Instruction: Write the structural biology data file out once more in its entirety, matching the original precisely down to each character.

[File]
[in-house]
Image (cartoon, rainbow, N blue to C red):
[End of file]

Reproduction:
[in-house]
Image (cartoon, rainbow, N blue to C red):